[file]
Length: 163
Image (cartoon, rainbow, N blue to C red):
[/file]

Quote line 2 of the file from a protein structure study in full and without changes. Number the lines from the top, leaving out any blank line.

Image (cartoon, rainbow, N blue to C red):